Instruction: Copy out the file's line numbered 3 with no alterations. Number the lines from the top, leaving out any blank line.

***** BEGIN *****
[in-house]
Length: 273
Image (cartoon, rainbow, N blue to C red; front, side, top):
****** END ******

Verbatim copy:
Image (cartoon, rainbow, N blue to C red; front, side, top):